Pakistan is declaring a unilateral cease-fire with India in the disputed mountain territory of Kashmir. The action is a response to a series of peace moves, which India offered in October.
Pakistani Prime Minister Zafarullah Jamali says his country will stop shelling Indian-controlled Kashmir, and is calling for India to enter into formal talks over the disputed territory.
Indian and Pakistani artillery routinely duel across the "Line of Control," separating their respective portions of Kashmir, a territory which both nations claim entirely as their own. While the shelling is aimed at military emplacements, it often results in civilian casualties.
In August, Pakistan proposed a bilateral cease-fire, though India turned down the offer, questioning its seriousness.
But speaking in a televised address to the nation, Prime Minister Jamali said Pakistan would silence its guns regardless of the Indian position. He also reiterated Pakistan's call for peace-talks on the Kashmir issue and expressed interested in discussing recent confidence-building measures proposed by India.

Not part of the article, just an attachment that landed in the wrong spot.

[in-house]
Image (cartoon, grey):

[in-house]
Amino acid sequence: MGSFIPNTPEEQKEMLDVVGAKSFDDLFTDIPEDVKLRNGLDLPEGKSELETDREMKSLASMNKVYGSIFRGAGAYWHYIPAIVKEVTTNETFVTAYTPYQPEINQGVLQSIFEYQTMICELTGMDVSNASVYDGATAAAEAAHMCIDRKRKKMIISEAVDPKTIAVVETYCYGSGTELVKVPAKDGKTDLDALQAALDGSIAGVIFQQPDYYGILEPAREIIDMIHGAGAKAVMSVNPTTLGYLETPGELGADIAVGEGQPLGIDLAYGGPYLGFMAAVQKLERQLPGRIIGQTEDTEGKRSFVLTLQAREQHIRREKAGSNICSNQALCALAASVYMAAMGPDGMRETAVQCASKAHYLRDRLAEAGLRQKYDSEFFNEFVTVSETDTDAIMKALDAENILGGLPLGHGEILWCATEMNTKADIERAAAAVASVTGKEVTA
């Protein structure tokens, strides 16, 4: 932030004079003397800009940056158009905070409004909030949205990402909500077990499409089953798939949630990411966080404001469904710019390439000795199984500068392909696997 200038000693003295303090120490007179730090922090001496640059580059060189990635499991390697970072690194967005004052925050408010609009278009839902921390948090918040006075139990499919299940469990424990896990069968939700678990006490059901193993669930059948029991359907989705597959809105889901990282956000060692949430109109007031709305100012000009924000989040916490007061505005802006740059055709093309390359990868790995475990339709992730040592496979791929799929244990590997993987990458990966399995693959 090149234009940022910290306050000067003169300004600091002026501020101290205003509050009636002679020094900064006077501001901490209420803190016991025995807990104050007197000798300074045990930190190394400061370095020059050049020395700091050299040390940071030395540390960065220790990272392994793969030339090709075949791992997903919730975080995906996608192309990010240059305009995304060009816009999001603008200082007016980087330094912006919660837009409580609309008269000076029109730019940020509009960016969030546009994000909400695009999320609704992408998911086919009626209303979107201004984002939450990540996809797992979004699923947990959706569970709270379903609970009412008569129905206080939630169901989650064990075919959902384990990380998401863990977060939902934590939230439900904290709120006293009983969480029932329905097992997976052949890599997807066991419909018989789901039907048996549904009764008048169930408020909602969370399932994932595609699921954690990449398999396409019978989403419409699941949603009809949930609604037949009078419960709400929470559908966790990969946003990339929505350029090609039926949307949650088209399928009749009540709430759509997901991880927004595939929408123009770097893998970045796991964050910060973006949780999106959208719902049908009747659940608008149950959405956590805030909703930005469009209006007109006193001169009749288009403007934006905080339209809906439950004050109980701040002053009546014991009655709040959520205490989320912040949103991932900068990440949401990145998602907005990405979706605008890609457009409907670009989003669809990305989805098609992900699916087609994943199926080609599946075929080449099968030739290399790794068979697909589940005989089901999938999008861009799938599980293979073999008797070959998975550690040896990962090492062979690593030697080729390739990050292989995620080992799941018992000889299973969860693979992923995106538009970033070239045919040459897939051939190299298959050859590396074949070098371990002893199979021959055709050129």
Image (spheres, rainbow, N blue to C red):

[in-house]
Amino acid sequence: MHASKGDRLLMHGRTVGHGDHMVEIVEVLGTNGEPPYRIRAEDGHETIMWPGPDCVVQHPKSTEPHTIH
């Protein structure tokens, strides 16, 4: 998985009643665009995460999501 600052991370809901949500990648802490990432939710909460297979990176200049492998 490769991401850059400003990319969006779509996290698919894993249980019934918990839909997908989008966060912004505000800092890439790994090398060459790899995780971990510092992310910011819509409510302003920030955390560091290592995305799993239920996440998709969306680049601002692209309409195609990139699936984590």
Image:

Those measures include opening bus service between Indian- and Pakistani-held Kashmir, along with other travel links.
Former Pakistani Ambassador Mansoor Alam said both the cease-fire and the confidence-building moves are important in defusing tensions between the two nuclear-armed rivals.
But he added that a definitive solution to the half-century-old Kashmir dispute is unlikely anytime soon. "It is only up to a limit that one can go in this game, and not more. Neither can Pakistan nor can India bring enough pressure to bear upon the other side to make concessions on vital points," he said.
He added India is also unlikely to make any radical changes to its positions on the Kashmir issue before its general elections, scheduled for next year.
Prime Minister Jamali said the start of the cease-fire will coincide with the major Muslim festival of Eid al-Fitr, which will fall on Wednesday or Thursday, depending on the sighting of the new moon.